Bruce Harrison photo The land donated by the Andersen family is an estuary at the mouth of the Sutherland River where it enters the east end of Babine Lake.

Burns Lake family secures land preservation

The Andersen family was honoured by Ducks Unlimited Canada

A Burns Lake family was recently honoured during the annual Ducks Unlimited Canada (DUC) dinner for helping secure the conservation of 320 acres of natural wetland.

The Andersen family has recently donated a portion of the land they had owned for 20 years to DUC. The land is an estuary at the mouth of the Sutherland River where it enters the east end of Babine Lake.

RELATED: A generous gift from a Burns Lake resident

“The area is an incredible, natural wetland habitat and belongs to the waterfowl and wildlife that use it,” said Shawn Anderson, who approached DUC with his father Silvert about conserving the land.

The pristine area will protect habitat for migrating waterfowl and breeding birds common to the area such as trumpeter swan, wood duck, mallard, blue wing teal, cinnamon teal, American wigeon and northern shoveler.

This also serves as critical habitat for species at risk, including American bittern, rusty blackbird, black swift, grizzly bear and painted turtle. Sockeye salmon and the rare Sutherland population of rainbow trout are the main fish species in Babine Lake.

Shawn said he was taught by his father and grandfather to conserve land that needs to be protected. He said he is pleased that the land will be kept for its “rightful purpose.”

“A partnership with DUC just makes sense, and conserving the habitat long term is the right thing to do,” said Shawn.

Funding provided by the Habitat Conservation Trust Foundation, the North American Wetlands Conservations Act and the United States Fish and Wildlife Service allowed DUC to purchase the other portion of the Andersen family’s land.

DUC’s regional director for British Columbia and Boreal region Leslie Bogdan, who also attended the annual dinner held in Burns Lake, celebrated the acquisition.

“There are few wetlands in British Columbia that have not been modified in some way,” he said. “Wetlands like those of Babine Lake are rare and we are so appreciative of the wetland stewardship shown by the Andersen family over the years.”

“The addition of their donation shows their continued commitment to wetlands and conservation as a whole,” he added.

The DUC dinner was held at the Tweedsmuir Park Rod & Gun Club on Nov. 18, 2017. The evening was filled with numerous raffles and auctions.

Ducks Unlimited Canada’s mission is to conserve, restore and manage wetlands and associated habitats for North America’s waterfowl.


 

@flavio_nienow
newsroom@ldnews.net

Like us on Facebook and follow us on Twitter.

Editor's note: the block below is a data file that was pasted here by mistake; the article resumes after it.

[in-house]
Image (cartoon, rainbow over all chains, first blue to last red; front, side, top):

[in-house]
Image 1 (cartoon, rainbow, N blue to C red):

Just Posted

Convicted animal abuser to return to B.C. court May 21

Catherine Jessica Adams is facing a breach of probation charge

Northwest Fire Centre open burn ban lifted

Recent rain, cooler temperatures have lowered the region’s fire risk

Telkwa pot plant application passes review

Cannabis company claims new Health Canada regulations are working in its favour

Cullen demands action on Ecstall River

Failing to penalize parties involved undermines all salmon conservation efforts, MP says

Governments, industry bid on optimism amid timber review

The possibility of reduced forestry activity in the near future is sinking… Continue reading

Kelowna RCMP interrogation video brings home reality in ‘visceral way’: former TRC chairman

Video of Mountie interrogating young Indigenous woman disclosing sexual abuse under fire

B.C. residential school survivor’s indomitable human spirit centre of school play

Terrace theatre company plans to revive Nisga’a leader Larry Guno’s Bunk #7 next year

Canadian killed in Honduras plane crash

The crash happened in the Roatan Islands area, according to officials

B.C. ferry stops to let black bear swim past near Nanaimo

Queen of Oak Bay brakes for wildlife in Nanaimo’s Departure Bay

Mother dead, child in critical condition after carbon monoxide poisoning at Shuswap campground

The woman was found unresponsive insider her tent and the youth was taken via air ambulance to hospital

Canada’s parole officers say correctional system has reached breaking point

About half of Canada’s federal parole officers work inside penitentiaries and correctional institutions

Montreal researchers create audible hockey puck for visually impaired players

Three years ago, Gilles Ouellet came up with the idea for a puck that makes a continuous sound

Former B.C. Greyhound bus drivers head to Penticton for goodbye party

Big bash runs until Sunday, funded by drink cans left behind on busses over the years

Boy, 12, arrested after allegedly pulling a knife on another child at a Surrey park

The child was later released into his parents’ custody as Surrey RCMP continue their investigation

Most Read